For many businesses, shipping is one of the most critical processes to sort out for effective operations and customer service processes. This area often isn’t as simple as it first seems, though, with many different shipping needs for different products and destinations. If you sell or purchase temperature-sensitive items, you may need to utilize cold chain processes at some point.
This variation of the standard supply chain setup involves the movement of refrigerated or frozen products. Here’s the lowdown on cold chain management that you may need to know for your venture.
What is Cold Chain Management, and How Does It Work?
Cold chain management is the term used to describe the logistics management process for temperature-sensitive, typically perishable goods, whether they’re in transit, storage, display, or in process. Many products must be kept at set refrigerated temperatures to maintain quality and remain safe. Organizations must carefully handle all the phases of the cold chain to make this happen, from preparation and storage to transport and unpacking and more.
Elements of logistical planning and management that are required to protect the integrity of these products and shipments include taking care of packaging, choosing smart transport routes, and timing movements well. Also important is ensuring visibility throughout the cold chain so that issues get noted ASAP if they occur.
Businesses can use strict processes in conjunction with technology and the tracking, analysis, and sharing of data at every point to increase product efficacy and safety. Failure to adequately manage the cold chain process can lead to product loss and spoilage and significant financial downsides in turn. A successful cold chain is achieved by maintaining a stable and unbroken chain of refrigerated manufacturing, production, packaging, storage, transportation, and distribution, and it works in much the same way for all goods.
Benefits of Cold Chain Management
There are many benefits to be enjoyed through using proper cold chain technologies to protect valuable materials, inventory, and the like. Of course, the main one is that you ensure the integrity, quality, and useability of items, whether they’re ones you need to use in your business or goods you sell to others. Effective cold chain management also helps to ensure that your customers are happy with what they receive and get items that arrive without being compromised by bacterial growth, textural changes, bruising, discoloration, or other problems.
Another benefit of cold chain management is that it reduces the risk of your organization making headlines due to a disaster of some type. You don’t want to get your brand in the news because unsafe items compromise the health of customers, contractors, personnel, the planet, or other stakeholders. Careful temperature control and monitoring ensure your organization meets regulatory standards and your own internal standards.
Another plus of setting up smart cold chain management is how it can help to reduce waste and loss. Companies don’t want to have to budget for the financial repercussions of ruined temperature-sensitive products, especially when they have tight margins to deal with. Plus, in this sustainability-driven time, it’s helpful for firms to carefully deal with and minimize business waste as much as possible.
Other reasons to set up proper cold chain management in your organization include improving efficiency and customer service and adhering to regulatory and compliance standards.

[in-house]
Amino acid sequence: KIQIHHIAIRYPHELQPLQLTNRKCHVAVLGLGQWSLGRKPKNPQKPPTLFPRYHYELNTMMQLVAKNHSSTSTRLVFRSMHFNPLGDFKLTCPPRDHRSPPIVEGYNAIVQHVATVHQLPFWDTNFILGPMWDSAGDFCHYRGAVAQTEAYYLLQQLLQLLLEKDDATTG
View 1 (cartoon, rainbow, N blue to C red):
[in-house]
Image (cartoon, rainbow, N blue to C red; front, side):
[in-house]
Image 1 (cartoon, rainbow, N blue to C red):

The Key Elements of the Cold Chain
To enact a functional cold chain process, you need to consider storage, packaging, tracking, and transportation. There’s also product management and security. Happily, tech tools and quality equipment can make all of these areas much easier and more affordable to handle.
When it comes to cold chain storage, businesses can take advantage of insulated containers, cold rooms and chillers, refrigerants, and specific fridges and freezers designed for cold chain management. Within warehouses and other locations, autonomous mobile robots, forklifts, and other tools help get goods moved and handled quickly, safely, and securely so they stay cold.
When temperature-sensitive goods leave storage facilities and require packing, there are things like cold chain parcel and pallet systems to utilize, not to mention gel packs and bottles, refrigerant bricks, and insulated containers and envelopes.
For tracking purposes, organizations have at their disposal such tools as temperature indicators and data loggers, while for transportation, there are specialized cold chain vehicles and containers, whether packages are shipped by road, sea, air, or other methods.
For optimum cold chain management, you need to understand how to identify and control the various areas of the shipping environment, choose smart packaging design, and minimize transportation times.
Types of Products that Utilize a Cold Chain Process
Different materials and products must be handled carefully to stay at the ideal temperature. Temperature-sensitive products that require cold chain management include:
- Vaccines and lab samples
- Perishable foods such as meat, seafood, frozen desserts, fruits and vegetables, dairy products, etc.
- Drinks such as some wine
- Many medical products and devices
- Diagnostic materials
- Some art and antiques
If you sell, use, or otherwise deal with any of the above, it’s vital to learn more about cold chain management and start implementing strategies to protect goods ASAP. This will then help you improve efficiencies, reduce costs, and improve your brand.